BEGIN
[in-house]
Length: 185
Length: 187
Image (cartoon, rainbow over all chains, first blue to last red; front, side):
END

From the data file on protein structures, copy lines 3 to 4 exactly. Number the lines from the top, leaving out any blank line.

Length: 187
Image (cartoon, rainbow over all chains, first blue to last red; front, side):